In This Issue
Direction enters its fifth year with a focus on life in one current community of believers, the Mennonite Brethren church.
Historically, a variety of issues have confronted believers in their life together. Sometimes purity of doctrine was a foremost concern; sometimes worship practices were hotly debated; sometimes eccentric personalities challenged the church’s cohesiveness.
In the following pages Herb Giesbrecht examines the formulation and place of ethical covenants for church members. He alludes to a theology that should inform consideration of church rules, and points to the difference between principles and prescriptions. The choice counsel of leaders from the larger church—William Law, John Wesley, Robert Raines or Thomas Kelly, deserves a hearing. The essay was prepared and presented, though in fuller form, at the request of the church council to the congregation of the Elmwood Mennonite Brethren Church (Winnipeg).
Hedy Martens calls upon the church community to lend an ear to a concern which has gained increasing attention in the church in the last decade: the place of women. She investigates Scripture texts, but of particular significance is the articulate way in which she communicates at the feeling level. The church is accustomed to an analysis of argument, but the believing community needs perception also at the affective level. Readers, whether men or women, are here exposed to a pilgrimage which may well be more representative than church leaders are prepared to admit.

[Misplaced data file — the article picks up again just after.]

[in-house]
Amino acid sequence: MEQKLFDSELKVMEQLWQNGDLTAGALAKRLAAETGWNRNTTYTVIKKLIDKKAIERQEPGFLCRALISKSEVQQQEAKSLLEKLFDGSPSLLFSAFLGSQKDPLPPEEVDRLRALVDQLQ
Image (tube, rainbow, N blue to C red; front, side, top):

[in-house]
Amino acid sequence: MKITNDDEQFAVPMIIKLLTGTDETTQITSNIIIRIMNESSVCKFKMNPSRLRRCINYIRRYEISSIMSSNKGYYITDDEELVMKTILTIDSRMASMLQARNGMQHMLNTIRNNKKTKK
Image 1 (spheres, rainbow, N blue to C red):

In a column that has undergone modification of design and appears now as Hearing the Word instead of Preaching Lab, contributing editor John Regehr pursues the subject of the church, defined now as world-wide community. While preachers will continue to follow the column, Hearing the Word is intended to appeal to a broader group of Christians than pastors. As Hearing the Word makes clear, we err when we draw the circle with too small a compass.